January 10, 2017
From Washington, this is VOA news. I'm David DeForest reporting.
The United States says it carried out a raid on Islamic State fighters in eastern Syria focusing on IS leadership.
A Pentagon spokesman says the operation in Deir Ezzor province was carried out by a U.S. special forces unit.
A Pentagon spokesman says a U.S. Navy ship fired warnings shots at Iranian boats Sunday. Carla Babb has more
A U.S. defense official told VOA four Islamic Revolutionary Guard Corps attack craft vessels were "traveling right at" the USS Mahan at a "very high rate of speed" in the Strait of Hormuz.
The Navy crew identified themselves and repeated "multiple times" that the Iranian ships needed to turn away or the crew would be "forced to use a defensive measure." Pentagon spokesman Navy Captain Jeff Davis said the USS Mahan issued audiblesirens and radio warnings.
"This was an unsafe and unprofessional interaction."
When the Iranian boats did not respond to radio requests to slow down, the USS Mahan fired shots with a 50-caliber machine gun. Only then, did the small Iranian boats stop.
Carla Babb, the Pentagon.
A Chinese Foreign Ministry spokesman said Monday his government opposes any contact between Taiwanese leaders and U.S. officials.
The statement comes a day after Taiwanese President Tsai Ing-wen met with U.S. Senator Ted Cruz and Texas Governor Greg Abbott. The meeting happened in Houston where Ms. Tsai stopped on her way to Central America.
Russia and the Philippines are considering joint naval exercises.
Russia sent a destroyer and a naval oil tanker to a port in Manila last week for a five-day goodwill visit and the two sides are looking to expand defense cooperation.
Philippines president says he would like to be less dependent on the United States.
This is VOA news.
The Kremlin is denouncing as baseless and amateurish U.S. intelligence claims it meddled in the U.S. presidential election to help Donald Trump.
A Kremlin spokesman called the accusations "baseless." His comments were the Kremlin's first since U.S. intelligence officials said Friday they had high confidence that Russia's President Vladimir Putin personally ordered a campaign to undermine the U.S. presidential election.
A transitional official says U.S. President-elect Donald Trump will name his son-in-law, Jared Kushner, as a senior adviser in his White House.
Trump predicted Monday that the Senate will confirm all of his cabinet choices.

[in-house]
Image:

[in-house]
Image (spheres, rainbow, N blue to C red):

The first Senate confirmation hearings on Trump appointments will begin on Tuesday, with more scheduled for Wednesday and Thursday.
Senate Republican Majority Leader Mitch McConnell met with Trump and told reporters all the cabinet nominees will be properly vetted as they have been in the past.
"Everybody will be properly vetted as they have been in the past. And I'm hopeful that we'll get up to six or seven, particularly the national security team, in place on day one."
Meanwhile, the government's ethics chief says some Trump nominees have yet to disclose key information about their financial holdings.
White supremacist murderer Dylann Roof presented his sentencing case Monday, calling no witnesses and presenting no evidence to stave off a death penalty.
Rook killed nine worshippers at a black South Carolina church last June.
Italy has decided to reopen its embassy in Libya. The Italian embassy was closed in 2015 along with other Western embassies when a coalition of militias seized the capital, Tripoli.
Ivory Coast President Alassane Ouattara has fired his nation's security chiefs. The heads of the army, police and gendarmes were dismissed on Monday after army soldiers unhappy about their pay staged a two-day mutiny that spread across the country.
Officials say Nigeria's President Muhammadu Buhari will lead three West African heads of state to Gambia on Wednesday to try to persuade longtime leader President Yahya Jammeh to step down.
It is the second presidential delegation from the Economic Community of West African States to visit Gambia since President Jammeh lost the December 1 elections.
Mr. Jammeh has rejected the results of that vote.
That was the sound in Turkey's parliament as debate continued on the proposed constitutional amendments that would give President Recep Tayyip Erdoğan sweeping new powers.
Mr. Erdoğan has long advocated a stronger presidency but the main opposition party fears that the changes would turn the country into a de facto dictatorship.
If the package is approved by lawmakers, the government will submit it to voter referendum for final approval, possibly in the spring.
From the VOA news center in Washington, I'm David DeForest.
That's the latest world news from VOA.